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May-June 2020

Volume 108, Number 3
Page 184

DOI: 10.1511/2020.108.3.184

OPT ART: From Mathematical Optimization to Visual Design. Robert Bosch. 188 pp. Princeton University Press, 2019. $29.95.

Held at arm’s length, the illustration below is easily recognized as a portrait of the 44th president of the United States. Closer examination reveals that the image is formed from blocks of white dots set against a black background. The dots are the white pips on dominos—specifically, “double nine” dominos, which have from zero to nine dots on each half of a rectangular tile (see detail below, right). A full set of double-nine dominos contains 55 pieces. The portrait of Barack Obama combines 44 such full sets, for a total of 2,420 tiles, arranged to create light and dark patterns that the eye interprets as an image.

From Opt Art.

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Dominos first became a medium for this type of visual expression 40 years ago in the hands of Ken Knowlton, a computer scientist and artist at Bell Laboratories, whose work appeals to those who like a dash of math and algorithms with their artwork. Robert Bosch, the creator of the Obama portrait, takes this nerdish genre to a higher level of refinement. Starting from a black-and-white photograph or other monochrome image, his goal is not just to produce a good likeness but to find the best possible arrangement of the dominos—the configuration that most closely matches the pattern of shadow and light in the original, according to a mathematical measure. His recent book, Opt Art: From Mathematical Optimization to Visual Design, celebrates this idea of optimal or optimized graphic works, along with the computational tools needed to create them.

To build the Obama mosaic, Bosch began with a photograph, using a 55 × 88 grid to divide it into a total of 4,840 square regions. The range of gray levels in the image was compressed to 10 discrete values, labeled from 0 (the darkest) through 9 (the brightest). Then came the tricky part: placing the dominos on pairs of adjacent squares so that the number of pips in each square matched the assigned gray value as closely as possible. As the detail below the mosaic shows, there were many choices to be made, not only in selecting the best tile for each place but also in deciding how it should be oriented. At the end of the process every square needed to be covered, with no gaps or overlaps, and every domino in the 44 sets had to have a home somewhere in the picture.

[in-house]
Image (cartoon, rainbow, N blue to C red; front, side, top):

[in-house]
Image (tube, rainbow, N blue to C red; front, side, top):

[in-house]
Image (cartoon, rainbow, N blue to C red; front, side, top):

How can you find the best possible arrangement of 2,420 double-nine dominos? Trying all possible configurations is not a feasible approach. Even working with just a single set of dominos, and ignoring some messy details of geometry and orientation, there are more than 1073 ways of placing the 55 tiles. To break through this combinatorial bottleneck, Bosch turned to methods known as linear optimization, or linear programming. “Linear” signifies that the solution space is bounded by straight lines or flat planes; no curves are allowed.

The problem-solving tools of linear optimization come out of a milieu far from the world of the arts. Historically, they are closely associated with business and economics, logistics, management, and military planning. An airline might use linear programming to match up aircraft, flight segments, and crew members. A chemical plant might use it to adjust its operations to yield the most profitable mix of products. Yet art, too, is an exercise in problem-solving and constraint satisfaction. Furthermore, constraints in the arts can be inspirations rather than obstacles. Bosch cites the example of Georges Seurat’s pointillist painting A Sunday Afternoon on the Island of La Grande Jatte. “Seurat set himself the task of producing the best possible depiction of what he saw on the riverbank, subject to two highly restrictive, self-imposed constraints: he had to keep his colors separate, and he could only apply paint to the canvas with tiny, precise, dot-like brush strokes.” It sounds a little like painting with dominos.